Mindfulness can be brought into your life, too, by simply learning it and practicing it in all that you do.

Empirical research has shown the daily practice of mindfulness has a multitude of benefits in reducing stress, lowering blood pressure and regulating reactive emotional responses. Imagine how this can improve your workplace with increased focus and productivity, a more harmonious office environment, reduced turnover and far better employee morale.

I began meditating in the ’60s and went to my first meditation retreat in 1974 on Maui. It was residential and we started at 5:00 a.m. and meditated all day long until 9:00 at night. We were not allowed to talk or even look in anyone’s eyes. The purpose was to stay with ourselves and observe our thoughts, feelings, and sensations in our bodies.

When I was thirty I lived in an ashram in India for two years. During that time I did several more long meditation retreats. One was a Zen retreat where we sat mindfully staring at a white wall for ten days straight!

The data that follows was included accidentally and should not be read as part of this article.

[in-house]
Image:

How did that help my life?

Before those retreats and other personal and spiritual growth methods such as depth counseling and breath work, I didn’t know what I was really feeling at any given moment. When I lived in the ashram someone asked me in a therapy session, “What are you feeling right now?” I answered, “Anger?” It seemed most of the Europeans in the ashram were expressing anger in the encounter groups—maybe I was supposed to feel angry too. But I didn’t know.

I’d been emotionally shut down from the conflict and violence I experienced growing up in my family in Honolulu. The two years in India were life changing and helped me unravel the layers of armoring and emotional numbness. When I came back I was very different. . . a much more alive, responsible, and joyful woman. I made much better choices.